Open Access

Resequencing microarray probe design for typing genetically diverse viruses: human rhinoviruses and enteroviruses

  • Zheng Wang1Email author,
  • Anthony P Malanoski1,
  • Baochuan Lin1,
  • Carolyn Kidd2,
  • Nina C Long2,
  • Kate M Blaney2,
  • Dzung C Thach1,
  • Clark Tibbetts3 and
  • David A Stenger1
Contributed equally
BMC Genomics20089:577

DOI: 10.1186/1471-2164-9-577

Received: 28 April 2008

Accepted: 01 December 2008

Published: 01 December 2008

Abstract

Background

Febrile respiratory illness (FRI) has a high impact on public health and global economics and poses a difficult challenge for differential diagnosis. A particular issue is the detection of genetically diverse pathogens, i.e. human rhinoviruses (HRV) and enteroviruses (HEV) which are frequent causes of FRI. Resequencing Pathogen Microarray technology has demonstrated potential for differential diagnosis of several respiratory pathogens simultaneously, but a high confidence design method to select probes for genetically diverse viruses is lacking.

Results

Using HRV and HEV as test cases, we assess a general design strategy for detecting and serotyping genetically diverse viruses. A minimal number of probe sequences (26 for HRV and 13 for HEV), which were potentially capable of detecting all serotypes of HRV and HEV, were determined and implemented on the Resequencing Pathogen Microarray RPM-Flu v.30/31 (Tessarae RPM-Flu). The specificities of designed probes were validated using 34 HRV and 28 HEV strains. All strains were successfully detected and identified at least to species level. 33 HRV strains and 16 HEV strains could be further differentiated to serotype level.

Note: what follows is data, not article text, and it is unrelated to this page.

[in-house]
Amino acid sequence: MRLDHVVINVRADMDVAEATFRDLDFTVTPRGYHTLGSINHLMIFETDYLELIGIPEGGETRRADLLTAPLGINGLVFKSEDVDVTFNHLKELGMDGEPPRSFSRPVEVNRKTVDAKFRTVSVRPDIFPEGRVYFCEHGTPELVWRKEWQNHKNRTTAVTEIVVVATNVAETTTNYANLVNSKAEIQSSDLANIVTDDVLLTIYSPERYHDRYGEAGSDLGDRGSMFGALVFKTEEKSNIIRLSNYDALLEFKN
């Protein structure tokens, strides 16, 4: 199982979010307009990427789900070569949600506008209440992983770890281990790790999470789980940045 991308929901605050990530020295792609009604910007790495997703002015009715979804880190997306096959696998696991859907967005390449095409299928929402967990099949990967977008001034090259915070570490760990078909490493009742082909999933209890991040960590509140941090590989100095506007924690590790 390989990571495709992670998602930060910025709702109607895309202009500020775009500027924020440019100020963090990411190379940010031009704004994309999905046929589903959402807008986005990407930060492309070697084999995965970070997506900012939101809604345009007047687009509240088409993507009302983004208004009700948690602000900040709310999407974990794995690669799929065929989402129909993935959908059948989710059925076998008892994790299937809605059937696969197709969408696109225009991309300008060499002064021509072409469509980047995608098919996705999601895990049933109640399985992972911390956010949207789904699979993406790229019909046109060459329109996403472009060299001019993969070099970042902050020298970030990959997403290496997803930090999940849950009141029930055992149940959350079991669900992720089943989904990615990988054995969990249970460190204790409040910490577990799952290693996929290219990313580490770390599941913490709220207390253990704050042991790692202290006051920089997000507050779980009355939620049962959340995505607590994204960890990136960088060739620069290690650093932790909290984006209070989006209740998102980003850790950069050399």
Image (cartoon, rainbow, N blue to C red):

Conclusion

This study provides a fundamental evaluation of simultaneous detection and differential identification of genetically diverse RNA viruses with a minimal number of prototype sequences. The results demonstrated that the newly designed RPM-Flu v.30/31 can provide comprehensive and specific analysis of HRV and HEV samples which implicates that this design strategy will be applicable for other genetically diverse viruses.